No sun, no moon
All dark amidst the blaze of noon
So begins Handel’s aria Total Eclipse in the oratorio Samson. Handel wrote Samson in 1741-1742 after hearing a reading of Milton’s poem Samson Agonistes. In this case, the darkness is caused not by an actual eclipse, but by blindness. Milton, himself blind, tells the biblical story of the strongman Samson, who was blinded after the hair which gave him his superhuman strength was cut off and he was captured by enemies. Handel’s vision was beginning to fail by this time, and it appears he was deeply affected by the poem; at the gathering, a guest
read through the whole poem of Sampson Agonistes and whenever he rested to take breath Mr. Handel (who was highly pleas’d with the Piece) played I really think better than ever, and his Harmony was perfectly adapted to the Sublimity of the Poem1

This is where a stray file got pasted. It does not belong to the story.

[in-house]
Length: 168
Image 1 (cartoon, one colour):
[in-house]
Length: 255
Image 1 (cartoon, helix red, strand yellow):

Samson was one of the first oratorios to showcase a tenor in the leading role.2 And Handel places immense trust in his tenor in the aria Total Eclipse, as he at times sings unaccompanied by the orchestra. I hope you will enjoy this beautiful, dramatic aria, Total Eclipse, performed by Mark Padmore.
Handel himself may have experienced an actual total solar eclipse. On May 3, 1715 a total eclipse was seen from Cornwall to London (three and a half minutes of totality in London).3
On August 21, 2017 many people in the US will be able to experience a total eclipse for themselves. The path of the eclipse will cross the entire United States, causing it to be all dark amidst the blaze of noon. For more information, see these websites.
Image attribution: Solar eclipse 22 July 2009 taken by Lutfar Rahman Nirjhar from Bangladesh [CC BY 3.0], via Wikimedia Commons. https://commons.wikimedia.org/wiki/File%3ASolar_eclipse_22_July_2009_taken_by_Lutfar_Rahman_Nirjhar_from_Bangladesh.jpg